September 20, 2012
The delegation began the morning with a deeper exploration of the history of the Israeli state and the Jewish people.
The group first visited Yad Vashem, the largest Holocaust Memorial Museum in Israel and one of the largest Holocaust Museums in the world. During the visit, our tour guide explained to us the particular and sentimental nature of the name “Yad Vashem,” taken from a quote from the Book of Isaiah that reads: “Even unto them will I give in my house and within my walls a place and a name (yad vashem)…I will give them an everlasting name that shall not be cut off.”
From this quote, the founders of the memorial decided titled it Yad Vashem, to represent the idea that the memorial would serve as the legacy for all of the victims who had no one to carry on their name after death.
The museum chronicled the human cost and horrific nature of the Holocaust – an incredibly moving experience for the students on the trip witnessing such a carefully curated history of those years and their subsequent effect on the Jewish people.
The museum provided us with deeper insight into the plight of the Jewish people and their desperation to identify and develop a Jewish homeland after the tragedy of the Holocaust.
Touring the memorial added great perspective to the emotional connection of the Jewish community, both in Israel and abroad, to the land.
Leaving the museum, the group headed to the separation wall that divides Israel and the West Bank. This barrier, often referred to simply as “the wall,” is an eight-meter barrier erected by the Israeli government in 2002 that runs more than 700 kilometers in length.
The Olive Tree Initiative was fortunate enough to have Danny Tirza, the architect of the wall, provide the tour.
During the tour, the group pushed Tirza to answer tough questions about the motives, the makings, and his view of the successes of the wall. Having already heard many criticisms from the Palestinian side about the erection of the wall, which has divided cities, neighborhoods and agricultural plots in half, Tirza was able to speak to human considerations made by Israeli authorities when plotting the course of the barrier.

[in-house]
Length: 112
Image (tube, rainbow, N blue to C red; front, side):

Tirza provided the group with very open and honest answers, elaborating on the wall’s security purposes as the main reason for its continued existence. At one point, Tirza touched upon the psychological impact of the wall, namely that, although it could not prevent rockets from entering Israel, it provides comfort to Israeli citizens who see it as visual representation of the Israeli government’s security measures.
One of the most surprising things Tirza said, however, came at the very end of the tour, when he remarked that he wished the wall no longer had to exist, and his hope to be the first one in line to take down the wall when Israel and a future Palestinian state could finally find peace.
This tour was closely followed with a tour of East Jerusalem and the wall by Jessica Montell, the executive director of B’Tselem, the Israeli Information Center for Human Rights in the Occupied Territories.
Montell, an Israeli citizen, was far more critical of the wall than Tirza, and outlined in detail the cost of the wall to the Palestinians. Because the wall was not built on the 1967 lines, it encroaches greatly into Palestinian land and livelihoods. This, Montell explained, has created far more problems than solutions in the conflict.